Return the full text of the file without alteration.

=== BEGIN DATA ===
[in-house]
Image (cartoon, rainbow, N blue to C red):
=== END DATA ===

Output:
[in-house]
Image (cartoon, rainbow, N blue to C red):